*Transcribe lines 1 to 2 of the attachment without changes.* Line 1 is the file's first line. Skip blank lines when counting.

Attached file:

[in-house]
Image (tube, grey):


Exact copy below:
[in-house]
Image (tube, grey):